I am concerned by the idea that freezing "kills everything" - my understanding is that freezing is to stop enzyme action, and once the food is thawed, the enzymes get active again. Genuine freeze-drying is a commercial process, and cannot be achieved by putting something in a home freezer for a few days. Truly freeze-dried meat can be stored on a shelf, but meat frozen in a home freezer cannot be taken out and stored on a shelf.

    Others have given good advice about bucket use/vacuum sealing and DE, oxygen, mylar, etc. I just wanted to poke a hole at the idea that sticking something in the freezer for three days "kills everything" - while that thought is harmless with grains, it's dangerous to start thinking that other foods can be put in a freezer for a few days to make them ready for long-term storage. ;)
     
  7. BadgeBunny

    BadgeBunny Well-Known Member

    418
    0
    I am not quite this hard core. Anything that is going to be used within 12 to 18 months I simply write the expiration date on the front for canned stuff (or the date bought for bulk stuff like rice, beans, flour) and stack or place in sterlite containers on shelves.

    The room I use for my pantry (actually a spare bedroom on the southwest corner of the house) doesn't get warmer than 65-70 F, even in August and unless I am in there the light stays off. Of course windows have foam board and insulated curtains in them. It may be overkill but there is clear plastic on the outside of the storm windows. (The windows face the back yard so I am not worried about appearances there.)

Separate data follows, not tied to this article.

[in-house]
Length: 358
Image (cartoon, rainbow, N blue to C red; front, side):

I have had no problem with bugs, varmits, racidity, staleness, etc. with anything I have stored back there. Last week I opened a package of crackers that were well past the "use by" date (14 months). They were fine. The only thing I have ever opened that had an off taste was a package of Fritos that were 8 months past the "use by" date. Popped them in the oven and heated them up a little. They were fine.
     
  8. Eli-2

    Eli-2 Active Member

    26
    0
    How much DE are you using in the 5 gallon bucket? And do you use different measurements for different foods, i.e., dried beans/peas vs rice/wheat.
    Thanks
    Eli:scratch:scratch
     
  9. JayJay

    JayJay Well-Known Member

    3,104
    98
    I just have this huge problem with drying the frozen product..how can you really know you're not sealing a product that has even a little moisture in it??
    3 years later...rot??
    :scratch
     
  10. JayJay

    JayJay Well-Known Member

    3,104
    98

    In this house (I wish we could sell) there is an 8 X 8 foot pantry..no windows..not even a A/C vent so it stays cool. I'll miss that room when we move.


    Eli>>>>D.E. ..how much???
    I pour in a layer of product, sprinkle a teaspoon, another layer about half full, sprinkle another tsp, and after filling, another tsp...about 3 tsp total..

    My husband and I take a tablespoon each morning as advised and his knees stopped hurting...he's a 62 year old logger...
     
    Last edited: Jan 2, 2011
  11. BadgeBunny

    BadgeBunny Well-Known Member

    418
    0
    I'm with you there. When I first started storing food I did the 3 days in the freezer thing. Then I would let it "thaw out" before I sealed it up. But honestly, in my experience anyway, it isn't necessary.

    We are talking about buying an acreage and putting a small cabin on it. The floor plan I am playing with has a pantry that is actually bigger than the living room ... :p

    Sent you a PM about taking DE because I don't want to hijack the thread.
     
  12. UncleJoe

    UncleJoe Well-Known Member

    6,764
    108
    Here is a thread on DE in case you haven't seen it yet.
     
  13. BadgeBunny

    BadgeBunny Well-Known Member

    418
    0
    :wave: Ohhhhhh ..... thanks!! I hadn't even thought about doing a search here for it. Duh! :rolleyes:
     
  14. JayJay

    JayJay Well-Known Member

    3,104
    98
    badgebunny...you can roller skate in that pantry while
    building those shelves!!
    :scratch
     
  15. BadgeBunny

    BadgeBunny Well-Known Member

    418
    0
    :D Not if I stock it right! LOL